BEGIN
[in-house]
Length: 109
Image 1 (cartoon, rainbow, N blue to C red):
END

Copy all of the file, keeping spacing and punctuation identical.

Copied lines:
[in-house]
Length: 109
Image 1 (cartoon, rainbow, N blue to C red):